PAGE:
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Septic system care and maintenance tips

(Image provided by Cornell Cooperative Extension Publication FS-1)

Septic systems are used to treat and dispose of wastewater. When properly used and maintained, they safeguard human, animal, and plant health by breaking down wastewater and removing potential contaminants. It’s a two-step process.

The septic tank allow solids in the wastewater to separate from the liquid. Heaver solids settle to the bottom, forming a sludge layer. Lighter solids (e.g. grease, hair) float to the surface, forming a scum layer. Although some of the solids are broken down by bacteria, most remain in the tank until the tank is pumped out. Inlet and outlet baffles enhance storage and treatment.

The liquid waste, called effluent, flows out of the tank into a distribution box, and through a soil absorption or ‘leach’ field. A typical leach field consists of a series of perforated pipes buried in gravel-filled trenches. As effluent seeps through the trenches, it’s filtered by soil particles and broken down by soil bacteria. A failing or malfunctioning septic system can allow disease-causing organisms and other pollutants into the environment.

Unless the sludge and floating scum are periodically pumped from the tank, even a properly designed septic system can fail. But, for most homeowners, checking sludge and scum build-up is too objectionable a task. They choose, instead, to simply have the tank pumped out, cleaned, and inspected by a professional at 3- to 5-year intervals, depending upon the size of the tank, the number of people using the system, and the amount and quality of solids entering the tank.

It’s sometimes surprising to see what some people put into their septic systems: fats, grease, coffee grounds, cigarette butts, sanitary napkins, cat litter, just to name a few. All of these will, most certainly, clog a septic system.

Even heavy paper items, such as paper towels, should be avoided. Believe it or not, accumulations of facial tissue can cause problems. The safest and best approach is to use only easily decomposed, one-ply toilet tissue.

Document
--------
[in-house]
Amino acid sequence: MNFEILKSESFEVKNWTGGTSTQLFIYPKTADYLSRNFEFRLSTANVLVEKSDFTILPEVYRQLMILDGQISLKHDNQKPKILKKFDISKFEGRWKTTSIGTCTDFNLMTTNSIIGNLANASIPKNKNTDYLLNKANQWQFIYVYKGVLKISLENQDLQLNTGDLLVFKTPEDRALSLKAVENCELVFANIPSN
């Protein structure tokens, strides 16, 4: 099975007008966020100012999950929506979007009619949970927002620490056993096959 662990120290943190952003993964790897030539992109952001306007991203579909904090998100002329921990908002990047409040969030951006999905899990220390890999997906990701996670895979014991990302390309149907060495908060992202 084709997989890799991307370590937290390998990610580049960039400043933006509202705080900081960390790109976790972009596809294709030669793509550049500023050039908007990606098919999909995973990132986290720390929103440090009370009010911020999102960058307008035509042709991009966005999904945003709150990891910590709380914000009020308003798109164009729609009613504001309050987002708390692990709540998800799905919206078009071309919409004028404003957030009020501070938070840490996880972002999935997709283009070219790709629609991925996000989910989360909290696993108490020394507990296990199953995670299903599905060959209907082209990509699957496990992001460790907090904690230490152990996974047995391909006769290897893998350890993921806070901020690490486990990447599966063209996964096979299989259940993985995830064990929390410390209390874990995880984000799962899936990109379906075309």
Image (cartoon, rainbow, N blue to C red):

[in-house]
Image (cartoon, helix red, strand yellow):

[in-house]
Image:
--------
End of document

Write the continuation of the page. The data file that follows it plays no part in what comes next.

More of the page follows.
You can further reduce or minimize the amount of solids put into the system by avoiding the use or installation of garbage disposal units. Almost all of the food waste put into garbage disposals can be composted anyway.

Then there are the yeasts, enzymes, bacteria, and chemicals that are sold with claims that they improve septic system performance. These additives are not an alternative to proper maintenance, and do not eliminate the need for routine pumping of septic tanks. In fact, there’s no scientific evidence to support claims that any of these additives are effective. And some of them can actually suspend; clogging drainage lines and leach fields when they do.

Claims that commercial biological additives are needed to begin decomposition after pumping are not supported by science, either. The sludge residue that’s left behind contains more than enough active microorganisms to restart the decomposition process.

Try to limit and reduce the volume of wastewater put into your septic system. Repair or replace leaky fixtures and, if at all possible, install low-flow toilets and inexpensive faucet and showerhead aerators. Wash only full loads of dishes and laundry. And spread your clothes and dishwashing out over time, instead of washing several loads at once. Not only will these practices prolong the life and improve the performance of your septic system, they’ll reduce hot water consumption, conserving energy and saving you money.

Sensible use of detergents, soaps, bleaches, disinfectants, etc. will not harm your septic system. Excessive use will. And it’s extremely important to recognize that in areas where there’s a high density of septic systems, there’s an increased impact on groundwater from the disposal of household cleaners.

It’s important that you know the location of your septic system. Finding this out may require going into the basement, cellar, or crawl space to find where and in what direction the sewer pipe goes out through the wall. You can then check that area of the yard for a spot where the grass either doesn’t grow or grows quite well. This will most likely also be an area that is either slightly depressed or slightly mounded over. When a likely site is found, probing it with a thin metal rod will help to determine if, indeed, the tank is there. Once the tank is found, its location can be marked with a stake, statue, etc. Or consider drawing a map showing the house, septic tank, and leach field.

Never plant trees over leech fields and prevent tree roots from growing into them. Don’t pave, build, or drive heavy vehicles over them. And always divert gutters, drains, and other sources of water runoff away from them.

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